There’s more than wildflowers budding in Appalachia as spring comes to the mountains this year.
We are witnessing the proliferation of efforts big and small to stabilize and revitalize local economies as the coal industry declines. And the conversations continue expanding outward, bringing together an increasingly broad cross-section of residents and stakeholders.
Appalachian Voices is working at the intersection of these efforts in partnership with local citizens and civic leaders, and with other organizations.
Last month, a bipartisan bill was introduced in Congress to direct $1 billion to reclaim abandoned mine lands, the vast majority of which are in Appalachia. The money already exists in a special fund created for this purpose, but the bill would expedite the release of money in the near-term, when our communities need it most. Further, the bill requires that reclamation projects be designed in ways to promote economic development opportunities.
Representatives Hal Rogers (KY) and Morgan Griffith (VA), joined by other coal-state legislators, are sponsoring the bill, called the RECLAIM Act, and the list co-sponsors is growing. This is a crucial step forward in ensuring that the health and sustainability of Appalachia’s economy is a national priority.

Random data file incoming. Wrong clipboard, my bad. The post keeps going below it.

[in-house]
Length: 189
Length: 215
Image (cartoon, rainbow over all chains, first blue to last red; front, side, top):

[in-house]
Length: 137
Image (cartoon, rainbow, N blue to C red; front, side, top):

A key factor in getting to this point was the clarion call of support from citizens and community leaders.
Since last summer, more than two dozen local governments have unanimously passed resolutions calling for federal investment in regional economic development efforts.
For its part, the Obama administration has directed substantial funding to communities hardest hit by coal’s decline to help with workforce training and other economic programs through the POWER Initiative which launched a year ago. Just this week, $65.8 million in grants was made available to communities for projects that diversify local economies, create jobs in new or existing industries, attract new investment and other programs.
As we advocate for passage of the RECLAIM Act, we continue to strengthen our collaboration with local and regional supporters of these efforts, with a particular focus on initiatives that protect and promote the region’s natural resources and heritage.
A series of community forums we co-hosted in southwest Virginia last year drew more than 130 people to share their visions of new economies for their communities. We are now expanding that outreach to an online “wiki” type platform where we hope hundreds more will contribute their ideas. And with a new office space in Norton, Va., our team is deepening its roots and is positioned to take this work to the next level.
With so much promise this spring, we’re excited to see our collective hard work bear new fruit this year and beyond. The importance of your support for our efforts with local and regional partners can’t be overstated.
For the mountains,